A vintage snuffbox is almost nicked at a church party. And then…
While antiques diva Lina Townend mans the bric-a-brac table at the party to raise funds to restore St. Jude’s in Kenninge, her doppelganger argues with a man in a cashmere turtleneck and somebody tries to pocket a valuable 17th-century sterling snuffbox. Thinking it had been donated by mistake, Lina takes the treasure home to safeguard it. A pair of ersatz coppers promptly begin spying on the shop she runs with her mentor, aging gay sophisticate Griff. Then somebody breaks into the shop and rigs their car with two tracking devices. Meanwhile, Robin the vicar takes himself off on a retreat; his pregnant inamorata is so overwrought she can barely handle the police investigation under her command; and Lina’s married ex-boyfriend Morris, a mainstay of the Met’s Fine Arts Squad, pops around to jiggle her hormones again. Two copies of the snuffbox come on the market. Lina keeps getting mistaken for her doppelganger. The man in the cashmere turtleneck goes missing. And Lina’s sire, Lord Elham, takes time from swilling champers and forging masterpieces to acknowledge his many by-blows, two of whom strongly resemble Lina. One old codger will die and another will be sent to intensive care before the doppelganger will be identified, the vicar will plan his wedding, Lina will brace herself for Morris’s move to Paris, Griff will serve homemade lemonade in the garden and the vintage snuffbox will be sent to Victoria and Albert.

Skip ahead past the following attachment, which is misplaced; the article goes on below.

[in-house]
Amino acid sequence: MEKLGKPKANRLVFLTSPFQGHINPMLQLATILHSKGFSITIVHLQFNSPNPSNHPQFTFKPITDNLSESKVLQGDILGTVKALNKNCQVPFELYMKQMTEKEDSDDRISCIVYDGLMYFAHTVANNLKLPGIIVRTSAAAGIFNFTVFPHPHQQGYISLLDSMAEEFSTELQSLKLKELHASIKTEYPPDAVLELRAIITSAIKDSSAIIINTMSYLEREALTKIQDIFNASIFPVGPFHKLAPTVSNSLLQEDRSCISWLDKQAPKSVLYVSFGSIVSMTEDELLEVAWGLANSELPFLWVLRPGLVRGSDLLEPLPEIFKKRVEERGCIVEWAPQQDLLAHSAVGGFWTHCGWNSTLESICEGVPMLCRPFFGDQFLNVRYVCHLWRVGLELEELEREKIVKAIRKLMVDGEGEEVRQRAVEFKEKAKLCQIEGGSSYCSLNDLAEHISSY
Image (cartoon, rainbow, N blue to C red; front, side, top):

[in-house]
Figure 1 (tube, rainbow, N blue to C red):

Lina’s vocabulary lapses are irritating, and Griff calls her “dear” far too many times to be endearing. This entry, more heavy-handed than Ring of Guilt (2011), suggests that it may be time to give the series a rest.